Promote your novel with a series of short stories
When I came out with my Conjure Woman’s Cat novella early last year, my publisher suggested using Kindle Direct Publishing to write a series of short stories set in the same North Florida environment. These stories would come out from time to time to give me something fresh and new to talk about, and each one would include a link on the author’s page at the end of the story to the novella.
There are several days to do this. One is to send some of the characters in your novel off on other adventures. For example, if you’re novel is about a detective, each short story might be about another one of his/her cases. On the plus side, this keeps your characters current and on your readers’ radar until the sequel to your novel (if there is one) comes out.
On the minus side, care must be taken to keep the events in the short stories consistent with the novel while making sure they don’t get in the way of the sequel. That is, the short stories become part of the canon, so you can’t have your detective getting a crippling injury in a short story that suddenly disappears when the next novel about him/her comes out.
I chose instead to write a series of short stories from Tate’s Hell, the notorious Florida swamp which I mention in Conjure Woman’s Cat. Since one of the stories had been out a while, I re-wrote the introduction to include a prologue from my conjure woman. Otherwise, the stories in the series use different characters. They do have similar covers and focus on the swamp one way or another.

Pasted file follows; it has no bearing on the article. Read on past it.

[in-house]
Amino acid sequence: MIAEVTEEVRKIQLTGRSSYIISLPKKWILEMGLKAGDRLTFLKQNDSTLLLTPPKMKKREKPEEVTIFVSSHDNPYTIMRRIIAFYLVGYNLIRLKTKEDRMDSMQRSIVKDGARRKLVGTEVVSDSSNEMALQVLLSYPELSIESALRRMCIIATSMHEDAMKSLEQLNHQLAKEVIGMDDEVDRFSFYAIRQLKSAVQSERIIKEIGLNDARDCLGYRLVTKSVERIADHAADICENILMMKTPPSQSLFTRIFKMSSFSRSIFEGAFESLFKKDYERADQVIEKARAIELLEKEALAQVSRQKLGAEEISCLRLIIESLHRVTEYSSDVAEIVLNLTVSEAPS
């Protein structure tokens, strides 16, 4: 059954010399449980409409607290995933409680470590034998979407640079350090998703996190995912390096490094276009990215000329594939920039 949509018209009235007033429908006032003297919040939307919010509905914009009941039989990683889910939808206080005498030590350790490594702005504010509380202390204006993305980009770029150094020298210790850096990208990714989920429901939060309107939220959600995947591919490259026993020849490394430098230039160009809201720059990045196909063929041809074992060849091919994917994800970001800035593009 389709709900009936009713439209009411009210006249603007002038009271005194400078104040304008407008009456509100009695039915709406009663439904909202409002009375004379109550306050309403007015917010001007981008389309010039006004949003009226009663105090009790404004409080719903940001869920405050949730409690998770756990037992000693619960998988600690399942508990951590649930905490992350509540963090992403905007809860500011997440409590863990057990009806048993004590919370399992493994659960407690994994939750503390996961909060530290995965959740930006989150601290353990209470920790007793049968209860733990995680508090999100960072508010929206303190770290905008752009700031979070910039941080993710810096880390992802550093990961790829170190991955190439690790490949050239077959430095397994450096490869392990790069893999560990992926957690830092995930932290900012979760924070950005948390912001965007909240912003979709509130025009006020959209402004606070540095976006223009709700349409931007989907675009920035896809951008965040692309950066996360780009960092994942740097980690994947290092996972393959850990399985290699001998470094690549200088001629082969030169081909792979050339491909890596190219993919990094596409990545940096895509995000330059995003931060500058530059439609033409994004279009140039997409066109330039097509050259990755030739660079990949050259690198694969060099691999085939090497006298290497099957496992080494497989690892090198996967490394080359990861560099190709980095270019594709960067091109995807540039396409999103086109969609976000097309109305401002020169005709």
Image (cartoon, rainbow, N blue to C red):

The short stories can all be sold for 99 cents, entered in Kindle Unlimited so subscribers can read them for free while you get credit for the pages they read, and offered for free to everyone from time to time. Each download of a free short story introduces a reader to your work and then offers them an opportunity via the hyperlink at the end to try out some of your other stories.
If you like the characters, themes and location settings in your novel, then it’s probably going to be easier to think of a related group of related short stories than something totally different. I can’t promise you that everyone who reads one of those stories will buy the novel. But I do see that when I promote a “free day” for a short story on Facebook, that a lot of people download a copy.
As a bonus, those stories give you new things to talk about on your web site and on your Facebook author’s page. And, frankly, most of us need that because–unlike big name authors–we don’t have a seemingly infinite schedule of events to talk about (panels, conventions, book signings, movie deals, interviews and conversations with other celebrities, etc.) to keep readers engaged.
Food for thought on this Saturday afternoon.
Malcolm R. Campbell is the author of “Sarabande” and “Conjure Woman’s Cat”